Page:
She and Legolas gallivant across Middle-earth, defying geography, distance, and even gravity. The two elves travel “north” to Gundabad to scout out approaching armies. Apparently Gundabad is intrinsically tied to Angmar, as a sort of border fortress. Angmar is even further “north.” Though the two are geographically close, and not wholly independent of each other, they are distinct. By now you’ve also been introduced to perhaps the worst case of geographical confusion ever contrived in film. All locations mentioned in the film are north of Erebor/Dale: Raven Hill, Gundabad, Angmar, even Rivendel/Arnor where Aragorn should be found at this point in time. This was an utter absurdity, when true compass points (actually almost all lie west) could easily have been used, or even omitted altogether.
Galadriel and the rest of the Council of the Wise come to free Gandalf from Dul Guldur. This is a thrilling display of combat and magic. Galadriel’s efforts are particularly impressive. She uses both the Phial of Galadriel (which makes sense) and, based on the set up to the scene, Nenya to banish the Nazghul and ultimately Sauron. In using this power, she takes on the aspect of ‘bad-Galadriel’ as depicted in FotR to illustrate her temptation. The use of the Phial here is inspired, as the light of Earendil’s star, the last of the Silmarils, is holy and pure and would indeed cast out the darkness. However, use of the ring of adamant here demonstrates an utter lack of understanding when it comes to the purpose and power of the elvish rings and perhaps even the elvish people. The Three are NOT weapons, unless they be weapons against time and weariness. As Elrond states in the Council, “they were not made as weapons of war or conquest: that is not their power…but understanding, making and healing, to preserve all things unstained.” (FotR 262) Based on Sauron’s own statement regarding the elvish rings immediately prior to Galadriel’s show of power, it is clearly implied she is wielding Nenya in a blatant show of disregard for Tolkien’s eminently clear ring-lore. As with Radigast, and Saruman before him, the desire seems to be to show explicit magic. The scene is visually arresting, exciting and even thought-provoking, but remains irksome none-the-less.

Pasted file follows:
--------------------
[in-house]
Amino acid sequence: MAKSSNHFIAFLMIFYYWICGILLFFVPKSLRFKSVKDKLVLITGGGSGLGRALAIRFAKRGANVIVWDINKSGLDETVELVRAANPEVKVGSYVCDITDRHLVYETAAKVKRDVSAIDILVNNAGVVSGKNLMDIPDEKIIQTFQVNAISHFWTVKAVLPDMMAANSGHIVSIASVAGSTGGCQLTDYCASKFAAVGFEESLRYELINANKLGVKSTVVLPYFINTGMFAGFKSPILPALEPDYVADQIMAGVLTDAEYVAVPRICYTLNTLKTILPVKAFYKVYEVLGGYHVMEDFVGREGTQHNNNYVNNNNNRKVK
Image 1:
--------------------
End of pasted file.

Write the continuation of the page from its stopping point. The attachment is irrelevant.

The movie succeeds when the focus turns to intimate relationships, small group interactions, and its primary characters. This is the case with the dwarves and Bilbo in Erebor. Much time is spent establishing Thorin’s descent into the madness of the ‘dragon sickness’ which lies on the gold. He grows ever more paranoid of each and every member of the company. At his worst, he speaks with the voice of Smaug. This conception of Thorin’s greed is intriguing. It played particularly well on screen. It also has the added effect, whether good or bad, of in some sense excusing Thorin his greed. Rather than showing his stubbornness, his greed, his pride, or his ability to hold a grudge, his refusal to share out the treasure is a product of this madness.
During the search for the Arkenstone, there are brilliant moments of characterization. Balin mourns Thorin’s fall, and warns Bilbo that the stone may only make matters worse. Bilbo’s internal struggle is masterfully shown, subtly and often with little more than furtive looks, gestures or posture, a tactic Martin Freeman has used to great effect throughout the trilogy. In a wonderful improvisation, Thorin finds Bilbo fondling an acorn he took from Beorn’s garden. It is a touching scene, which does a lot of heavy lifting for both characters.
The parlay between Bard and Thorin plays out almost exactly as in the text and is beautifully done. Bilbo’s ultimate act of diplomacy and sacrifice in bringing the Arkenstone to Bard and Thranduil is also very well done, though a bit rushed. Each of these scenes, drawn almost directly from the text, are done with tender care and subtlety which I wish had been a more common trait in the adaptation.
The battle itself is absolutely massive. It is mind-boggling in its scope and numbers. In an apparent bid to outdo the epic battles of the original Lord of the Rings film trilogy, the battle of the five armies appears to far exceed the battle of the Pelenor Fields, or even that of the Black Gate. For myself, numbers alone was the first problem, making victory seem quite implausible. The orcs are also heavily armored, making their swift demise in battle all the more baffling. All this is completely out of place. Even with this sort of dissonance, the battle itself is very impressive.
In the midst of the battle, Thorin is challenged by the remainder of the company to join in the fight. Subsequently, he is shown going through a very surreal and out of place feeling sort of dream state which allows him to break free of the ‘dragon sickness.’ Ultimately, he has a change of heart, and they all join in the battle. It is in this change, which is more of a healing rather than an actual change of heart that the ‘dragon sickness’ concept fails. Where the ‘dragon sickness’ allows the audience to continue to empathize (on some level) with him, it ultimately drastically diminishes the greatness of his final repentance.